Yes, only because its major theme is an important one across history (power and predation between humans) and one that I personally find significant.
I want to give this book 5 stars- I really do. The plot(s) is really interesting. I cannot wait to get into my car in the morning and hear what happens next. I love the whimsical travel through time and the birthmark and plot lines that connect the characters. And the actors are amazing- really felt like each story was narrated by its writer.
But sad to say, the book has a political undertone- not very pronounced and heavier near the end- that was not necessary and left a bad taste in my mouth. Instead of focusing on the struggles of mankind throughout history and in the future, the book teeters on becoming a socialist/anti-capitalist manifesto. The author infused his ideology into this book through unnecessary snide comments and a completely one-sided portrayal of corporations in the Louisa Ray story.
That said, I still had to finish it!
Really enjoyed this all the way through. I agree with other reviewers that the linkages between stories were rather weak, but as stand-alone efforts they showcase a flair for different writing styles while still maintaining some thematic unity.
The only disappointing part was the story line read by Cassandra Campbell. The woman cannot read - a nasally monotone and several glaring mispronunciations ruined an otherwise stellar cast of readers. The reader for the Zachr'y segment was outstanding and probably made the audio version miles better than the printed version - which only underscored the weakness of Campbell's reading.
Dunno if I would. What's the author's other books like?
If all the chapters could have been connected, I might have figured out what the book was about
Loved the accents, emphasis, acting...all well done for the characters they represented.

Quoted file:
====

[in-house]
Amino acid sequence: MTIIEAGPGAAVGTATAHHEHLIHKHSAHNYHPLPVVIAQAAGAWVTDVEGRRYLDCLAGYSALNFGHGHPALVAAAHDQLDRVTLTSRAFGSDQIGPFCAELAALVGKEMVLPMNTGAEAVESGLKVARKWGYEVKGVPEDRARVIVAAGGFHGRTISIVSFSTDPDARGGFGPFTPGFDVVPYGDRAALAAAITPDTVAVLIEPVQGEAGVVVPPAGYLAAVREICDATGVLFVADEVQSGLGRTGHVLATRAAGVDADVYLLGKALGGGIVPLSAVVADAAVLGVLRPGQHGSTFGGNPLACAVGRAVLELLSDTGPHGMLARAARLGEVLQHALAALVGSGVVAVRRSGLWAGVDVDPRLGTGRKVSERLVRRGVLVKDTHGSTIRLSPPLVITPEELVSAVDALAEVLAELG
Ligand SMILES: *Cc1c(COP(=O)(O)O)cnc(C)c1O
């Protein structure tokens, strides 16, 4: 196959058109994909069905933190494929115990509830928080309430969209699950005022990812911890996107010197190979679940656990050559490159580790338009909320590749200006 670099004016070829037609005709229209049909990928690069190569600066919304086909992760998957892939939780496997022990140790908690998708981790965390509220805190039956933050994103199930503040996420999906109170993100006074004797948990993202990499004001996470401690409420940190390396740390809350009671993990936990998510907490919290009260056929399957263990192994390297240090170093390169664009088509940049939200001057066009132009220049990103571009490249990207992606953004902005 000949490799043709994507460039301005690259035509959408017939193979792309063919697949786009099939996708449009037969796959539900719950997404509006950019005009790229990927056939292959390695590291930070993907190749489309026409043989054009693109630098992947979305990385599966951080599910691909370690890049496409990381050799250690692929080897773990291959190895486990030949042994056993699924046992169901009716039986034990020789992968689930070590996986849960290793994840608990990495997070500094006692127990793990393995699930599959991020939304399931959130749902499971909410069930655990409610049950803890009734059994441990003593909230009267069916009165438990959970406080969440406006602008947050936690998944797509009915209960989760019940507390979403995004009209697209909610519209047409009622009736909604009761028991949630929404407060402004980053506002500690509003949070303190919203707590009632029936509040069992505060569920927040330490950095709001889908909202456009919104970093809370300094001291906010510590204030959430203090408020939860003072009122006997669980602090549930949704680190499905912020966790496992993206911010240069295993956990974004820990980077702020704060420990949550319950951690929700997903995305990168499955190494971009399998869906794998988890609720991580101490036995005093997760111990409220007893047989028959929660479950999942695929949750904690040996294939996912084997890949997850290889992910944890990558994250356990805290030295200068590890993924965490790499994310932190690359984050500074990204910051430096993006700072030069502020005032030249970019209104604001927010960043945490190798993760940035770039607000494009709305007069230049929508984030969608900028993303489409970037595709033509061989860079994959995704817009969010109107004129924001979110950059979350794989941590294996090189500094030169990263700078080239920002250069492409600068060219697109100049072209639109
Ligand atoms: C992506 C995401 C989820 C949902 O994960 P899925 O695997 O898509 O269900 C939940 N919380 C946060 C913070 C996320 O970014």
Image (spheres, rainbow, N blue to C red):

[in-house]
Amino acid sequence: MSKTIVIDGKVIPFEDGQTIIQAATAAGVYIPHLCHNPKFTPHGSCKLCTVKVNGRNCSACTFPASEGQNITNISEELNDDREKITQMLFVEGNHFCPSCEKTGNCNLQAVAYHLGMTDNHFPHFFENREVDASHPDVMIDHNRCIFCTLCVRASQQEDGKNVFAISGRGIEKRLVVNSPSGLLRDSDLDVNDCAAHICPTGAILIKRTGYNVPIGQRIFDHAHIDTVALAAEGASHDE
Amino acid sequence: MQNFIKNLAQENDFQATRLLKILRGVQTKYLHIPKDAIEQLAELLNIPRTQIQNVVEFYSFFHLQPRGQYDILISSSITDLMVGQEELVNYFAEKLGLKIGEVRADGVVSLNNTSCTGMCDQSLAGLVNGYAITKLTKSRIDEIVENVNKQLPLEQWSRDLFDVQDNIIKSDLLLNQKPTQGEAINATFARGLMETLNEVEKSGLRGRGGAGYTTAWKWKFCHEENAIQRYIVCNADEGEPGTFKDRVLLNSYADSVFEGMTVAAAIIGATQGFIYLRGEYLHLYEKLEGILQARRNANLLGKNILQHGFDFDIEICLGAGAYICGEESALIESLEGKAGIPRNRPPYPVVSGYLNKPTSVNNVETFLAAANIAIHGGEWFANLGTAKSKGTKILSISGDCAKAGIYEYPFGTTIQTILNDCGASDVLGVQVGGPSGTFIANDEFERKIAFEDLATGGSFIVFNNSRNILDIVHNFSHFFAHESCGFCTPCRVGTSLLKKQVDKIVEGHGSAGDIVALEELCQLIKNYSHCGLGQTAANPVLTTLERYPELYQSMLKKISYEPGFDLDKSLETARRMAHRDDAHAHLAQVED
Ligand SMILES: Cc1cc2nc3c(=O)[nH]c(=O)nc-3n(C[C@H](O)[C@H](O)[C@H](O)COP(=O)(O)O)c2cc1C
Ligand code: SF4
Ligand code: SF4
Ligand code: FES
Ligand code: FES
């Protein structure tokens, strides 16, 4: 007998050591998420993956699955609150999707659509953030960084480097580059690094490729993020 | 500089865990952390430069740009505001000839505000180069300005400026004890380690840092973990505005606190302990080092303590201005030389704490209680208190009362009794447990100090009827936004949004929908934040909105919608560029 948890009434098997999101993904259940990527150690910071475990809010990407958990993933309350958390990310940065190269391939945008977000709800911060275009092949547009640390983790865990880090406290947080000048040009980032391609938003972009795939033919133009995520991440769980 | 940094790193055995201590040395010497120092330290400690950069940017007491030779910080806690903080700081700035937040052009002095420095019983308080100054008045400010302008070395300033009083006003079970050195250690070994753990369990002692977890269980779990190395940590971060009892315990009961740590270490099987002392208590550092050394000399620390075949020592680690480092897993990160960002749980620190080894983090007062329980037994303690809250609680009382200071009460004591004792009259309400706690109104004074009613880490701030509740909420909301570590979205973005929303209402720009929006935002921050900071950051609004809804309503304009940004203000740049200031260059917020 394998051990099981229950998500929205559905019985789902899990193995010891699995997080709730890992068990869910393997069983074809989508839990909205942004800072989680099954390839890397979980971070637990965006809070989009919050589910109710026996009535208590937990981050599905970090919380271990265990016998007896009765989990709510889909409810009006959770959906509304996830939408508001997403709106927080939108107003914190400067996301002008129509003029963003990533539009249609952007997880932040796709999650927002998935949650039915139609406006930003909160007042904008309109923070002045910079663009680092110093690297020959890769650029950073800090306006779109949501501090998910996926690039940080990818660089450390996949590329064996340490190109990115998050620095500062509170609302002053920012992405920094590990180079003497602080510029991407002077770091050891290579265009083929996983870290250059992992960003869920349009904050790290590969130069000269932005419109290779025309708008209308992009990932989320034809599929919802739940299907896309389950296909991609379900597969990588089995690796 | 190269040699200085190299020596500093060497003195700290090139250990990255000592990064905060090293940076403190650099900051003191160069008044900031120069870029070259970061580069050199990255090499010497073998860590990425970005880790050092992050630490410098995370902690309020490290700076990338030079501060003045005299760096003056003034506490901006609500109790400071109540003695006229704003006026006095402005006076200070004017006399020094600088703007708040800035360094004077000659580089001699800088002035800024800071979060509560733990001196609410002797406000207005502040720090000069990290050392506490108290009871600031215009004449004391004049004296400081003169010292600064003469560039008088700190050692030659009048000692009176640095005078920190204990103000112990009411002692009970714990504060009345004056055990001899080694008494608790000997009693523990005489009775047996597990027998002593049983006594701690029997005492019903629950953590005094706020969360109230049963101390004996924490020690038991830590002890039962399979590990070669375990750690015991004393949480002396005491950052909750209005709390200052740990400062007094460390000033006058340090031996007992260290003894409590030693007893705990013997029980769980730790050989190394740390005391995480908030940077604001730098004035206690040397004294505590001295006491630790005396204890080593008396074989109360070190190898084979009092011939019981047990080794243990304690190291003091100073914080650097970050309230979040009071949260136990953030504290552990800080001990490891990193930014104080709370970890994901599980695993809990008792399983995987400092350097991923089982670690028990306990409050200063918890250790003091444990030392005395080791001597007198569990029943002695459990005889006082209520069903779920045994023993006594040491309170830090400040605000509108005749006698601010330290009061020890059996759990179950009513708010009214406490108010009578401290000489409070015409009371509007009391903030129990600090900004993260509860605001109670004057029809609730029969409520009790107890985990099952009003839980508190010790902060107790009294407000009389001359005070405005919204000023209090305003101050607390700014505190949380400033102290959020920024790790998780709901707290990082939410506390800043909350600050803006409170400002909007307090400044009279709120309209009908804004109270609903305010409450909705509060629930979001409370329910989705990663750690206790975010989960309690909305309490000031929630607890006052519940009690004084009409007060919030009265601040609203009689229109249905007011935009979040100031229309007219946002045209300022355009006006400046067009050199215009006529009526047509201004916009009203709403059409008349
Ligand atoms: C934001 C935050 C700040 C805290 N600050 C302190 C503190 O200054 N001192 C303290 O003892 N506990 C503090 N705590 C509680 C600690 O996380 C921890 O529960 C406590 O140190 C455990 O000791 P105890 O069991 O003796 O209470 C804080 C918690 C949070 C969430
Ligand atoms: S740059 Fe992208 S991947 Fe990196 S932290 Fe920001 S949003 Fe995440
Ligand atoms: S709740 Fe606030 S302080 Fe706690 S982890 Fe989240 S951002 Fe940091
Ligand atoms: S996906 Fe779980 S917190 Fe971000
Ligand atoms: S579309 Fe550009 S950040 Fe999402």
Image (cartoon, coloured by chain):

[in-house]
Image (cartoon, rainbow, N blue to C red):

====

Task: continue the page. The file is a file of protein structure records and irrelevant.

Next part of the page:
Yes. Each story was okay by itself, but as a collective, I have no idea what it was about.
Reader in Norway.
This was my first experience with audio books from Audible, and the experience was good. I liked it that different people read the voices in the different chapters. They accents were appropriate and the way they spoke, the words they used, helped create the illusion of being in the past or in the future.
The ending came very quickly and suddenly it was all over. I think I expected something more to happen to tie it all together, something more than the letters and music, etc. In stead it kind of fizzled out...
I have not, but I liked them.
Honestly, I have no idea, that's maybe the reasons the movie has failed too. I've seen the trailer and it's 10 minutes long, totally confusing if you dont know a little of what it's about.
The books is worth the read, but I have 25 other books I'd recommend before recommending this one. It's a very long book, so I got value for my money at Audible as I bought it with my free welcoming credits. It was a good way to learn how to use Audible.
Awesome, unique, thought provoking.
I liked all six of the stories and they way they were arranged, the first half of five stories with the middle story whole, then the other half of the first five in reverse order.
All six narrators were brilliant!
Robert Frobisher was my favorite character and his story had a sad ending.
My favorite Frobisher quote: “Whoever opined, “Money can’t buy happiness,” obviously had too much of the stuff.”